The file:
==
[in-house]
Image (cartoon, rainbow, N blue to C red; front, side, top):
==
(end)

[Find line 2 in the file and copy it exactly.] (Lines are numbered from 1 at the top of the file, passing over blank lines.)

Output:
Image (cartoon, rainbow, N blue to C red; front, side, top):